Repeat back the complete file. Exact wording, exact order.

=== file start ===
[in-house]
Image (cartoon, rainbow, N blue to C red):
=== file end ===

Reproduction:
[in-house]
Image (cartoon, rainbow, N blue to C red):